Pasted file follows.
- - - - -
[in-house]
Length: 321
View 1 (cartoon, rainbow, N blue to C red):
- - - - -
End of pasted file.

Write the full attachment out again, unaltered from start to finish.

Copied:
[in-house]
Length: 321
View 1 (cartoon, rainbow, N blue to C red):